Krylov Subspace and Multigrid Methods applied to the Incompressible
Navier-Stokes Equations
C. Vuik, P. Wesseling, and S. Zeng
Faculty of Technical Mathematics and Informatics
Delft University of Technology
Mekelweg 4, 2628 CD Delft, The Netherlands
Abstract
Krylov subspace and Multigrid methods are two types of promising iterative
methods for the solution of large unsymmetric non-diagonally dominant
linear systems of algebraic equations
resulting from discretization of partial differential equations. We apply these
methods to the solution of the incompressible Navier-Stokes equations
discretized on staggered grids in general coordinates.
The two types of method can both be regarded as powerful techniques to
accelerate basic iterative methods, but they have different advantages and
disadvantages. For solving non-symmetric problems, a Krylov subspace method
called GMRESR has been developed, which is based on GMRES and GCR. An obvious
advantage of GMRESR is its easy vectorization, since most of its arithmetic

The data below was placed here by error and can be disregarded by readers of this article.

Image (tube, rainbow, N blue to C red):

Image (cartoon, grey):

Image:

operations are vector updates, vector-vector and matrix-vector multiplications.
Furthermore, vector lengths become large as the grid is refined, which improves
speed on vector computers. However, the number of iterations grows
significantly as the grid gets finer. Multigrid methods do not have this
problem. A distinguishing feature of multigrid is that in principle its
computational cost is $O(N)$, where $N\/$ is the number of
(discrete) unknowns. But the performance of a multigrid
method strongly depends on the smoother used. A simple smoother like point
Jacobi is easily vectorizable but not robust. For difficult problems, as in
general coordinates, multigrid methods using simple smoothers often fail, and
therefore more complicated but robust smoothers are required. A complicated
smoother like ILU is robust but hard to vectorize. Furthermore, another
problem for multigrid methods is that occurrence of vectors of short length is
inevitable, since use of coarser grids is necessary. This hampers multigrid
efficiency on vector computers.
In this paper, we compare the two types of method on an HP 735 workstation and
on a Convex 3840 mini supercomputer. This makes it possible to compare rates of
convergence and vectorizability.
The foregoing observations on the advantages and disadvantages of the two
types of method suggest that combinations of them may be profitable.
We specify a combination of a Krylov subspace method with a multigrid
method. This combination is applied to the incompressible Navier-Stokes
equations and its performances are compared with the original methods.